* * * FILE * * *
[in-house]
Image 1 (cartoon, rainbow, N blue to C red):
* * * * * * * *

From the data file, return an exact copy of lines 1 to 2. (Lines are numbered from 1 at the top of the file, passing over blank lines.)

[in-house]
Image 1 (cartoon, rainbow, N blue to C red):